Design For New Jasper Park Approved

Posted: Updated:
Additional funding for the plan awaits consideration from the Jasper Common Council. Additional funding for the plan awaits consideration from the Jasper Common Council.

The Jasper Park and Recreation Board has approved design plans for a 75-acre park. The $5 million project will convert the area into the Parklands of Jasper.

The park will be built on land, part of which is the former Jasper Country Club golf course, which the city purchased in 2013. The park board recently announced the purchase of an additional 25 acres adjacent to the golf course. Funding for that purchase came in part from the Bicentennial Nature Trust

"These are endeavors that will set the tone for Jasper for the next 50 years, maybe longer," said Jasper Mayor Terry Seitz. The new park has been described as a nature-based destination park for all ages.

The city has received a $20,000 gift from the Dubois County Community Foundation as well as a $100,000 park endowment for the project. The design for the Parklands of Jasper now goes to the Jasper Common Council for consideration of additional funding.

The Bicentennial Nature Trust was set up by former Governor Mitch Daniels in 2012. The program aims to "preserve and protect important conservation and recreation areas throughout Indiana by matching donations of land or dollars. The Department of Natural Resources says any land purchased with BNT funds will become part of the public trust to ensure its protection.

  • Perspectives

    • How to Build an Effective Team

      Many leaders who are looking to increase overall productivity at their company are implementing collaborative team environments. This growing trend is backed up by a recent study that states collaborative work environments lead to an increase in overall profitability. However, teams are only effective if built correctly. Don’t expect a group of employees to work well together if you throw them in a room without cultivating any sort of trust or team building.



  • Most Popular Stories

    • Eleven Fifty to Move Headquarters

      Eleven Fifty Academy has announced plans to relocate. The nonprofit coding academy says it will invest $5 million to move its national headquarters to a 25,000-square-foot space in downtown Indianapolis near the Indiana Statehouse. Eleven Fifty says it will maintain its existing space in Fishers and has additional plans to add more locations statewide in the future. The organization says it aims to bring its staff to more than 150 over the next six years. Founder Scott Jones...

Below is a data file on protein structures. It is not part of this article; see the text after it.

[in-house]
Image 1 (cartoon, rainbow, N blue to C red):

• (photo courtesy The Times of Northwest Indiana)

      Hammond Pulls 135 Jobs from Illinois

      A Hammond factory recently vacated by Michigan-based Lear Corp. didn’t sit empty for very long. Midland Metal Products has taken over the former seat factory, having relocated from Chicago after 95 years. 

    • ‘Transformation’ Continues in Westfield

      Indiana’s fastest growing city is showing no signs of slowing down.  Mayor Andy Cook says now that Westfield has established itself as a destination for family sports with the Grand Park Sports Campus, the $35 million Grand Junction Plaza will transform the city’s downtown into a destination, a place “where people want to be.”   Cook says the project, more than a decade in the making, is an example of a place making strategy necessary for Midwest...
    • Gateway Park will lead into the downtown district.

      Plans For New Muncie Facility Halted

      Plans for a $75 million project at the former BorgWarner site in Muncie have come to a halt.  Nigel Morrison, director of Waelz Sustainable Products LLP says “a campaign of misinformation tainted the process and ultimately made it impossible for the city council to continue supporting the project.” The project was first announced in January and was slated to create up to 90 new jobs. The announcement follows the opposition of Muncie residents who...

    • Kevin Jowitt

      Noblesville Police Chief Stepping Down

      Noblesville Police Chief Kevin Jowitt as announced that he will retire in January. He has served 43 years in law enforcement, the past 10 as chief. The city is one of only nine Indiana agencies that have national and state accreditation and is the only department in the region to have police officers in every school building.